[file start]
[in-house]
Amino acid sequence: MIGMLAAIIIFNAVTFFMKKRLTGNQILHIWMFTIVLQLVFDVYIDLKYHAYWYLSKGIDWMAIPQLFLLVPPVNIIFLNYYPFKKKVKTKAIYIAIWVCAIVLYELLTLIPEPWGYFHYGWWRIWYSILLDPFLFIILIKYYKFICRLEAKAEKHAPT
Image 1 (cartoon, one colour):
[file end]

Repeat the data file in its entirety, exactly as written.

[in-house]
Amino acid sequence: MIGMLAAIIIFNAVTFFMKKRLTGNQILHIWMFTIVLQLVFDVYIDLKYHAYWYLSKGIDWMAIPQLFLLVPPVNIIFLNYYPFKKKVKTKAIYIAIWVCAIVLYELLTLIPEPWGYFHYGWWRIWYSILLDPFLFIILIKYYKFICRLEAKAEKHAPT
Image 1 (cartoon, one colour):